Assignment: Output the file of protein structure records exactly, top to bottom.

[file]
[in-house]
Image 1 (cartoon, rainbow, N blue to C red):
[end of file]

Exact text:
[in-house]
Image 1 (cartoon, rainbow, N blue to C red):